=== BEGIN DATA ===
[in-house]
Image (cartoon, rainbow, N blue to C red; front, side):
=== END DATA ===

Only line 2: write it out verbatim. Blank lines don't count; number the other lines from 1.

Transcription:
Image (cartoon, rainbow, N blue to C red; front, side):